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We have seen a significant shift in the criminal justice system over the past two years that has and will continue to erode the ability of an individual’s right to make full answer and defence to allegations of sexual assault. The most controversial changes as proposed by Bill C-51 is to automatically exclude relevant evidence in the possession of the accused. Text messages, emails, pictures, video recordings, even thank you cards, that have any content related in any way to “sex” with the complainant will be presumptively inadmissible even though it involves the actual subject matter of the alleged sexual assault.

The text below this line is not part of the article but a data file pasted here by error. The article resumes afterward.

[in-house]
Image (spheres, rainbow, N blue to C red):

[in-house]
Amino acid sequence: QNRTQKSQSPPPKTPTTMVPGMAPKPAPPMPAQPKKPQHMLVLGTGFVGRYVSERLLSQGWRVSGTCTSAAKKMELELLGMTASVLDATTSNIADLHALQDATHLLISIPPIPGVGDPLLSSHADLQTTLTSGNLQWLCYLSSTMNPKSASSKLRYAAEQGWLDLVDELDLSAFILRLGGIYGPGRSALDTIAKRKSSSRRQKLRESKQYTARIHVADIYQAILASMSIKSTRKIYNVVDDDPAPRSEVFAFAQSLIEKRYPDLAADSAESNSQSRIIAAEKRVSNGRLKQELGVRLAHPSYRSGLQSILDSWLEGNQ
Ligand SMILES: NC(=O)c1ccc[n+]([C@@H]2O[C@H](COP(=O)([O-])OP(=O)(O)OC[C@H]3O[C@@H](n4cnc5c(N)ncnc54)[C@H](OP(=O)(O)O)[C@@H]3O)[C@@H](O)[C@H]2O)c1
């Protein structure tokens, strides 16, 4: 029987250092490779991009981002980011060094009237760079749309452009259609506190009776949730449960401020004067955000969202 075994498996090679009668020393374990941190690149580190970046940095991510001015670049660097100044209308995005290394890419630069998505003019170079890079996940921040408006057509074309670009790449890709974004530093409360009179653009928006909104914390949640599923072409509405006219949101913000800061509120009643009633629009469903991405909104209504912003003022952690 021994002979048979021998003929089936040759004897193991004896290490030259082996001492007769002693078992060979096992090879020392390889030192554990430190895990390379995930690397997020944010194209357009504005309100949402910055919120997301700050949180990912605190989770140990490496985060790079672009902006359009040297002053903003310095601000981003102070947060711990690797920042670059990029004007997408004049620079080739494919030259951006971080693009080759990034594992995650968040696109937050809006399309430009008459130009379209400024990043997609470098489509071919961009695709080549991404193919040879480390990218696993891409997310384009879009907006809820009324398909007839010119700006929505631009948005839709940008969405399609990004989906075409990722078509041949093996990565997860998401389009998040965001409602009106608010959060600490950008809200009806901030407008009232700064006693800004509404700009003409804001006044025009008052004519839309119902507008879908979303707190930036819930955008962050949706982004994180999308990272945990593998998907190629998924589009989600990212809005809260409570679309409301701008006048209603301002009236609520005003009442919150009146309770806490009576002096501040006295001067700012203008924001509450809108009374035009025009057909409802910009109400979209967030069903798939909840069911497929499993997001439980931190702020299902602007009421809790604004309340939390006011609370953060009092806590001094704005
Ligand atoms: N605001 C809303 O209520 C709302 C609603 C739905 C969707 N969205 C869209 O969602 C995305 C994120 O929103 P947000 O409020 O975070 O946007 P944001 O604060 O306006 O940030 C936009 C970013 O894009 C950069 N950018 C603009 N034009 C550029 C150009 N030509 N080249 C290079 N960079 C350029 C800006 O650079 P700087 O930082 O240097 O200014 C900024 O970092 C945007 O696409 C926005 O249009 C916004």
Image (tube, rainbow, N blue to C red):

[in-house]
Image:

In 25 years of defending sexual assault cases, I have used successfully demonstrative evidence such as messages, cards and recordings that directly impugned the credibility of the complainant and in many cases established innocence. Whether the complainant remembers sending those cards, or messages, and fails to disclose same to the police or prosecution, is absolutely an insufficient bases to exclude these sources of relevant and important evidence from a trial of an offence with such serious consequences and stigma. If the government is successful to implement these changes, the defence will have to bring motions with full disclosure from the defence of all material to be relied upon in cross-examination with a formal application, factum and argument. The defence will have to serve the Crown and the complainant and her own counsel. Leaving aside that it is contrary to our criminal justice principles that the defence should have to disclose relevant evidence, and this legislation will most definitely require defence disclosure, what is most dangerous is the fact that the complainant will have standing at a hearing and will be represented by her own lawyer. This will unduly complicate the procedure, add incredible expense for any accused, and will certainly permit the complainant to have ample time and assistance to craft her own responses to the disclosed evidence ruining the spontaneous nature of answers in cross-examination. This alone will damage the fair trial process. Never should a complainant have the right to defence disclosure and then an opportunity to review and develop a way to explain the evidence away. This is so incredibly harmful to the right to make full answer and defence that it cannot be overstated that this legislation must be challenged as unconstitutional the minute it comes into force. Consider as well how this added process imposes significant barriers to access to justice. The costs associated with defending a sexual assault charge are high already never mind now adding in this additional layer of work. An accused must have counsel with experience in defending sexual assault cases in order to properly and fully advance the defence. Anyone accused of a sexual assault allegation must take it seriously and realize that they are not simple cases. There are increasing burdens on the defence now and shifts in public sentiment about sexual assault allegations espoused by special interest groups are insidiously having an impact on the Courts and prosecutions thus damaging the presumption of innocence, and the right to defend. Experienced and skilled defence lawyers know how to deal with these types of cases and will have to resort to the Charter to challenge this new proposed legislation.